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The Maize Invertase-Deficient miniature-1 Seed Mutation Is Associated with Aberrant Pedicel and Endosperm Development
Michael E. Miller and Prem S. Chourey
The Plant Cell
Vol. 4, No. 3 (Mar., 1992), pp. 297-305
Published by: American Society of Plant Biologists (ASPB)
Stable URL: http://www.jstor.org/stable/3869541
Page Count: 9
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Genetic evidence is presented to show that the developmental stability of maternal cells in the pedicel at the base of maize seeds is determined by the genotype of the developing endosperm. An early degeneration and withdrawal of maternal cells from the endosperm of homozygous miniature (mn mn) seed mutants were arrested if mn plants were pollinated by the wild-type Mn pollen. Similarly, the stability of the wild-type, Mn mn, maternal cells was also dependent on whether or not these cells were associated with the normal (Mn) or the mutant (mn) endosperm on the same ear. Biochemical and cellular analyses indicated that developing mn kernels have extremely low (<0.5% of the wild type) to undetectable levels of both soluble and wall-bound invertase activities. Extracts from endosperm with a single copy of the Mn gene showed a significant increase in both forms of invertases, and we suggest it is the causal basis of the wild-type seed phenotype. Collectively, these data provide evidence that invertase-mediated maintenance of a physiological gradient of photosynthate between pedicel and endosperm constitutes the rate-limiting step in structural stability of maternal cells as well as normal development of endosperm and seed.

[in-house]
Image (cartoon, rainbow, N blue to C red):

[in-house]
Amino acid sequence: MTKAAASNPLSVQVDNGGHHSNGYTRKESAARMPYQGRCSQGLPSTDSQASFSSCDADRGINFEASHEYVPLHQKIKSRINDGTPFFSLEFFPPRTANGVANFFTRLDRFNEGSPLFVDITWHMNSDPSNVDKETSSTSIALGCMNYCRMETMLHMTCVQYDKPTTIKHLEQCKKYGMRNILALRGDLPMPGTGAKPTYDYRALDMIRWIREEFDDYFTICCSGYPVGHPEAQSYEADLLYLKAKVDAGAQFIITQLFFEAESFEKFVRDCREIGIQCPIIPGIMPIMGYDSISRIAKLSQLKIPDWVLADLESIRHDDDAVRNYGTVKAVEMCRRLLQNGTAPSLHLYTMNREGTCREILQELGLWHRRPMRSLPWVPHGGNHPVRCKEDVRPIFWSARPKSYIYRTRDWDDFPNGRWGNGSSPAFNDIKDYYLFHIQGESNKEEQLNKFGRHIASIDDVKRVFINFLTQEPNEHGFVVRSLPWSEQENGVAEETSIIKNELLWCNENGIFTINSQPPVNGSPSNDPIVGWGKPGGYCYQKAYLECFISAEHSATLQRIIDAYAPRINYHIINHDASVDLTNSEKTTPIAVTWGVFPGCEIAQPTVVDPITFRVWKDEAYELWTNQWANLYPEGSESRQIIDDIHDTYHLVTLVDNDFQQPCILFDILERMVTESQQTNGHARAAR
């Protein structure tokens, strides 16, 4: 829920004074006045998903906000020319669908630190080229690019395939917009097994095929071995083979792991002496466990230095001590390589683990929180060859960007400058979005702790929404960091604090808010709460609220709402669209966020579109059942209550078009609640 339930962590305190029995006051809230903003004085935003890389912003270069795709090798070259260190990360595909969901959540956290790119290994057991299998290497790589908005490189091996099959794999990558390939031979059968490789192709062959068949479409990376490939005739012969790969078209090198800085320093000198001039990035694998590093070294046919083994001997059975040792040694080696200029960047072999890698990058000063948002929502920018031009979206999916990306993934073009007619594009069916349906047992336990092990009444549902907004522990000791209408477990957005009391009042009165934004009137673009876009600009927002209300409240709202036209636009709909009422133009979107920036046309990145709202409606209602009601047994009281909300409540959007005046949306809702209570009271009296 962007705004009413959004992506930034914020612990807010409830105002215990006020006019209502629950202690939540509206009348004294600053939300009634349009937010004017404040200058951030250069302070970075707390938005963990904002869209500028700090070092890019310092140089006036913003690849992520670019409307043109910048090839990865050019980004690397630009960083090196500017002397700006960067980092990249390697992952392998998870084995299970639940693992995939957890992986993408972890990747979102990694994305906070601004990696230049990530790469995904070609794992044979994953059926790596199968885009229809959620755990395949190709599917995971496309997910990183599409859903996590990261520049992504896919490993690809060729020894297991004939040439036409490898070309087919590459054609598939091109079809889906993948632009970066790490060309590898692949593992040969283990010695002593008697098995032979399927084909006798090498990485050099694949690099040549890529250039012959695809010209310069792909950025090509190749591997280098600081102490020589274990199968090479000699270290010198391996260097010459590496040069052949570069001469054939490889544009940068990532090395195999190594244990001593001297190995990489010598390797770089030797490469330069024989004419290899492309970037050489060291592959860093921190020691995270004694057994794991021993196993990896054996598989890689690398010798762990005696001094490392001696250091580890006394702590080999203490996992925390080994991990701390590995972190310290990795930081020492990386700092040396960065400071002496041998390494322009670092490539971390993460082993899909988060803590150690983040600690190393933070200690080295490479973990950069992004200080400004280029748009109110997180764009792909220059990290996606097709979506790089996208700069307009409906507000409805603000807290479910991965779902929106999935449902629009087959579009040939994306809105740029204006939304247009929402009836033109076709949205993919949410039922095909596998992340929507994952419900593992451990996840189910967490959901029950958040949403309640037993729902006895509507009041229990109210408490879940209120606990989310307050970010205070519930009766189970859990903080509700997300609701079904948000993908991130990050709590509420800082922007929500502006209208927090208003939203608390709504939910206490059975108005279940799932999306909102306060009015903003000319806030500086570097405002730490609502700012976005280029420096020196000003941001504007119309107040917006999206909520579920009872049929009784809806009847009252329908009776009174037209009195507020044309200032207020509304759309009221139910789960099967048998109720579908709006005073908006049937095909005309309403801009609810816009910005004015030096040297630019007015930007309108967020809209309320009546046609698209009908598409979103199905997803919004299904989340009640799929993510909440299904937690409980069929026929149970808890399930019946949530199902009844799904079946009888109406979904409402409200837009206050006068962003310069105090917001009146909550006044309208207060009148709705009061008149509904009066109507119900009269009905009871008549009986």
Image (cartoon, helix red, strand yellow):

The Plant Cell © 1992 American Society of Plant Biologists (ASPB)